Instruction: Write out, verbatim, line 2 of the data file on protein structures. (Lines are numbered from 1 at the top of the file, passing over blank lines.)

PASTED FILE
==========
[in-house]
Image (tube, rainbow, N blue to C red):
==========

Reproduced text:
Image (tube, rainbow, N blue to C red):